Robitaille: The report by Governor Carcieri's Blue Ribbon Panel in 2008 was an essential step in addressing the transportation infrastructure and strategy needs we have. As you observed, there has been no action on their recommendations. That is a sign of denial. I would offer reality therapy to the legislature and the public. These problems will not go away and transportation alternatives cannot be pursued until everyone accepts the scope and the cost of what confronts us. All the funding strategies have to be considered and establishing a dedicated Trust Fund is a good idea because it protects the high priority of what we need to do in transportation. Two other thoughts: first of all, the report must be updated in view of what we have learned about lower transportation project costs in the last two years, particularly with the bidding on the Pawtucket Bridge and the projects funded by ARRA. Secondly, any reduction or slowing in spending in other areas of the state budget will have a positive impact on getting the funds we need for transportation.

  • Incentivizing Growth in Centers
  • 2. Grow Smart: Rhode Island's urban and town centers are vitally important to our state's future well-being because they have concentrations of commerce and population as well as buildings, roads, utilities and transportation infrastructure already in place. By putting an end to the many wasteful public subsidies for scattered development on greenfields and instead focusing on incentives for future commercial and residential growth and re-growth in centers, we can capitalize on existing assets and reap the economic, environmental and community benefits of doing so. At no cost to the State, Grow Smart recommends providing an incentive for municipalities to encourage location-efficient economic development by exempting from the property tax levy cap (S-3050) all or a portion of new property taxes generated in districts that meet state-approved Growth Center standards.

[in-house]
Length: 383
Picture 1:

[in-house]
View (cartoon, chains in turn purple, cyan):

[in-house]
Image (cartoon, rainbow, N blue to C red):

Block: I am in favor of a constitutional property tax cap that over time will equalize the disparity between the urban centers and the suburbs. I am also in favor of expanding the state's open space land purchase program to include site assembly of existing urban sites into larger parcels that facilitate development and take steps toward equalizing the burden of land acquisition.

    Caprio: I think that location efficient economic development is a great idea. However, I do not want the property tax levy cap to be removed for any reason. I want to protect Rhode Island citizens from any increase in taxes. Families across Rhode Island are struggling to pay their bills and I will not allow them to be subjected to higher property taxes. However, I do agree that Greenfield development should not be subsidized. Rhode Island should focus on revitalizing its town centers before creating developments in open-space. I think it is a great idea to be able to preserve open-space in Rhode Island as much as possible and smart growth in cities and towns will help achieve that goal.

    Chafee: Support. We need to work with the RI League of Cities and Towns and EDC to make sure this is as effective as possible.

    Robitaille: I would not favor taking this step at this time for two reasons. First of all, municipal taxing and spending will be greatly discussed and, I hope, reformed in the next couple of years. At the least, tax discipline in the towns and cities has to be reinforced and so any mitigation of the tax levy cap cracks open a door that should not be opened. Secondly, the property and commercial municipal taxes in Rhode Island can best be described as byzantine and barely consistent with any statewide planning or standardization. These issues must be tackled first and will go a long way toward aiding coherent economic development.

  • Restoring a State Historic Tax Credit
  • 3. Grow Smart: The Rhode Island Historic Preservation Investment Tax Credit, which was available to new projects from 2002 through 2008, is estimated to have leveraged $5.35 in total economic output for each dollar of state tax credit investment. It stimulated $1.2 billion of private investment, incentivized the rehabilitation of 226 structures in 22 Rhode Island cities and towns, and generated thousands of new construction and permanent jobs and tens of millions in new state and local tax revenue. Despite significant evidence of its value, it was halted for new enrollees in 2008. Grow Smart recommends that Rhode Island should reinstate a targeted State Historic Tax Credit.